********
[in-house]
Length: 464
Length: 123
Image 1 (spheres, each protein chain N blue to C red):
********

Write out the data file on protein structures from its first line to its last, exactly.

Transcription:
[in-house]
Length: 464
Length: 123
Image 1 (spheres, each protein chain N blue to C red):